Read these 4 Digital Art Photography Tips tips to make your life smarter, better, faster and wiser. Each tip is approved by our Editors and created by expert writers so great we call them Gurus. LifeTips is the place to go when you need to know about Digital Photography tips and hundreds of other topics.
In the film world, creating art from your photos required patience and specialized skills. Sandwiching negatives... dodging and burning... learning which chemicals yielded what effects... Creating an art print required many hours of work. And you still might not end up with the look you wanted, even after several tries.
But digital art photography has changed all that. Image editing software gives you a palette of almost unlimited scope. With a few clicks of your mouse, you can change color, contrast or lighting effects. You can even sandwich all - or just part - of two or more images in mere minutes. And you can undo aything you don't like with just one or two clicks.
Plus, you can use specialty papers to create an even more artistic look for your prints. With digital art photography, your only boundaries are those of your imagination.
Need some photo inspiration? Try joining a website where you can post your pictures and view images that other photographers have posted. Sites such as dotphoto.com let you display your photos in a gallery... as well as browse other personal and professional galleries to get ideas.
By studying other photographers' galleries, you can discover how to turn close-ups, black and whites, landscapes and other shots into works of art - and how to tell stories with your images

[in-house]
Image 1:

Look to stock art houses for inspiration, too. These companies supply all types of digital photos to designers, publishers and ad agencies. And you can browse their professional galleries for free.
Finally, don't overlook the many art photographers who post their work on their own websites. A quick Google search for "fine art photography" or a similar phrase will yield thousands of opportunities to learn new looks and perspectives.
Formal sittings have their place, and a practiced eye can create wonderfully evocative posed scenes. But if you're looking to reveal your subject's soul, posing can be poison.
If you want your subjects to reveal something of themselves in your art photos, forget the smile-and-say-cheese routine. Instead, let your subjects relax and be natural.
To help create a rexlaxed and realistic atmosphere, come out from behind the camera. Set up your tripod, pre-focus the camera and trip the shutter using the camera's remote (if it has one), the self-timer or a cable release.
Once you're out from behind the camera, you can talk naturally to your subject and put them at ease. Since they won't be focusing on someone with a camera in their hand, they'll relax more easily. That's when you can capture a photo that reveal's your subjects true self.
Choosing digital art photography over conventional film definitely has many advantages. (especially when it comes to honing your craft). With film, you shoot the picture, process the film then see how your mistakes or achievements come out. Digital photography, however, offers more options. Digital photography is instantaneous. You can check the photo right away (no crossing your fingers and praying that you captured a great shot). With digital, what you see on the screen seconds after you've taken a photo is what you get. And, if you don't like the shot you can simply delete it and retake it until you're happy with the shot. Imagine that!
|Jennifer Mathes, Ph.D.|